News and Notes
An Amateur's Guide to the Night
Coach remembered a fall night, a Friday-night game night, long ago, when he had put Daphne on the playing field. It was during the ceremonies before his unbeaten squad had taken on Ignatius South. High School. Parents' Night. He had laced shoulder pads on Daphne and draped the trainer's gag jersey--number 1/2--over her, and balanced Tim-somebody's helmet on her eight-year-old head. She was lost in the getup, a small pile of equipment out on the fifty-yard line. She had applauded when the loudspeaker announced her name, when the p.a. voice, garbled by amplification and echo, had rung out, "Daughter of our coach, Harry Noonan, and his wife--number one-half, Daphne Noonan!" She had stood in the bath of floodlights, shaking as the players and their folks strolled by--the players grim in their war gear, the parents tiny and apologetic-seeming in civilian clothes. The co-captain of the team, awesome in his pads and cleats and steaming from warm-up running, had palmed Daphne's big helmet and twisted it sideways. From behind, from the home stands, Coach had heard, "Haaa!" as Daphne turned circles of happy confusion, trying to right the helmet. Through the ear hole her left eye had twinkled, Coach remembered. He had heard, "God, that's funny," and "Coach's kid."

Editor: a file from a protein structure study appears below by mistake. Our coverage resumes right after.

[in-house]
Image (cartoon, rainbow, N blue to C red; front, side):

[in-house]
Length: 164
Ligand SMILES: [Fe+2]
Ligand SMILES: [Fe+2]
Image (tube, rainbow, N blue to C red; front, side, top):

John F. Szwed